Over the last generation, the Ottawa elite has consistently failed to understand this "good government" myth. The result has been unnecessary stress on national unity.

An illustration: In 1984, Westerners voted for Brian Mulroney's Conservatives, expecting this would end the Liberals' penchant for buying electoral support via extravagant discretionary spending (targeted primarily at Quebec and Atlantic Canada). Given Red Tory influences, Mr. Mulroney closed Ottawa's deficit only slowly, and to the dismay of many Westerners, he continued ad hoc spending traditions.

Western frustration came to a head when Ottawa awarded the CF-18 repair contract to Montreal-based Bombardier, not to the Winnipeg-based firm preferred by the Defence Department for technical and cost-related reasons. The CF-18 affair cracked the Tory alliance between moderate Quebec nationalists and Prairie conservatives. In breaking that alliance, Westerners displayed their desire for "good government." But the response was simplistic. Reform leaders assumed Quebeckers' aims turned essentially around federal subsidy; by simultaneously rejecting the Meech Lake Accord, Reform ignored Quebeckers' cultural and linguistic concerns.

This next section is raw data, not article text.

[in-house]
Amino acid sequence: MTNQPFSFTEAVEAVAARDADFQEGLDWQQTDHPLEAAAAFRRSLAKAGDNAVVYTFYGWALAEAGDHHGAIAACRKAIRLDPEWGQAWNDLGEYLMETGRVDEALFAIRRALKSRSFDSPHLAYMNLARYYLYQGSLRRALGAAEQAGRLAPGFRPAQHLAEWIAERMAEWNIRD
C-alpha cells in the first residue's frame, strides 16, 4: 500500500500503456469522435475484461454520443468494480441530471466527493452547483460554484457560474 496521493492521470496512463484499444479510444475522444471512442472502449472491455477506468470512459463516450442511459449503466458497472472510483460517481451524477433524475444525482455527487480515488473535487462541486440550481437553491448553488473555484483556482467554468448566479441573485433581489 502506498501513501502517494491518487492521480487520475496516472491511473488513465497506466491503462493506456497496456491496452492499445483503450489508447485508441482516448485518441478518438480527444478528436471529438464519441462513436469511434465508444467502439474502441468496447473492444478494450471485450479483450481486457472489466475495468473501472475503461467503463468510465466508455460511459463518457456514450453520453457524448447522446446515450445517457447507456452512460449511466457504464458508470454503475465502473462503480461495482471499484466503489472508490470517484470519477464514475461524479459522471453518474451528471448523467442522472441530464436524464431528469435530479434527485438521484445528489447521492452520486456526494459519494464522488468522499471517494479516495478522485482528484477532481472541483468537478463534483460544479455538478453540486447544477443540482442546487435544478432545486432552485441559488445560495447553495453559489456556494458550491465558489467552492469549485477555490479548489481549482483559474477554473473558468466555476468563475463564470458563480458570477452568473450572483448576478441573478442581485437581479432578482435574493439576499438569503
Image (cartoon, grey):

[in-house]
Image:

The ideal of "good government" has mattered not only in the negative sense of turning Westerners against the major national parties, but also in the positive sense of showing that political solutions to intractable problems do exist. By the early 1990s, aggregate provincial-federal accounts had been continuously in the red for two decades; resolving the problem appeared impossible. The first of Canada's 11 senior governments to take fiscal redress seriously were Saskatchewan and Alberta. Both undertook three years of program spending cuts and simultaneous increases in own-source taxes. By the time of Paul Martin's seminal 1995 budget, both had achieved fiscal surplus.